Thursday, December 23, 2010

Making Christmas Traditions

Last year we braved a 45 degree temperature change and 32 hours of travel time to make it home for Christmas. Despite the cold and the long flight, it was so good to be home with our family and friends for the holidays. This year we staying in Brisbane. I must admit - it feels kind of weird.

I guess part of the problem is that it's been hard to get my head around having a "traditional Christmas" in a place where people go to the beach Christmas day and where a "White Christmas" is some fake snow that's part of an amusement park gimmick.

But whatever the situation, I love Christmas, and so I decided that I'd do my best to get into the spirit and bring some of our traditions down under.
First, I put up the lights on our house. Usually we'd be freezing not sweating while doing this task so that was definitely a positive. Our lights aren't really very impressive but they're already better than most of the houses on our block (except our Canadian neighbours - I still think Don "borrowed" my candy cane lights so that I wouldn't outshine him - lol). Most people just don't decorate their houses here but we found a few neighbourhoods that do go wild. To get my family into the Christmas spirit I grabbed the list from the newspaper and insisted on doing a light tour. The lights were actually pretty impressive - Griswald worthy even. The only thing missing was a stop at Timmy's for a peppermint hot chocolate and a donut afterwards!

Next came the Christmas baking. I make cookies every year (and every year try to stop Paul and the kids from eating them before Christmas!) This year was no different. With the help of the internet I found my usual Canada Corn Starch shortbread recipe. It's the one I've used since I first started cooking and seems very Canadiana Christmas to me. I also made my usual gingerbread cookies. As I was decorating them I felt the urge to give them a bit of a twist. My gingerbread men turned into gingerbeach people complete with bikinis and "budgie smugglers!" That's when I decided that I could keep some traditions, build on some, and add some new ones.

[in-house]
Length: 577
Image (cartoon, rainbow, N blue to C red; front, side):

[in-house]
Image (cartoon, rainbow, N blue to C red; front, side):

So as a result, we kept our usual tradition of turkey and stuffing for Christmas dinner but added prawns and a pavlova. We had Christmas crackers, wore those unflattering crowns, scratched "scratch'n wins", and ate until we were stuffed. But we also had a morning swim (o.k. some people were pushed in), floated a Christmas tree in the pool (thanks to Don the engineer), and left Santa a sausage instead of just cookies (he asked for one in his letter to Jack).
And although we didn't have our family here to celebrate with (and we really missed them), we did spend Christmas Eve and Christmas Day laughing, eating, and making traditions with some new friends.
Now, if I could just get that Shaw crackling holiday fireplace on the T.V. !


  1. Sounds great Jen, lovely new traditions that you will have to share with me as we seek to meld Canada and Australia next year. In Canada now but heading to MEL mid-January to begin our new Australian chapter. Looking forward to connecting with you! x

  2. I absolutely adore the gingerbread beach people! I might just have to borrow that idea.
    Happy New Year!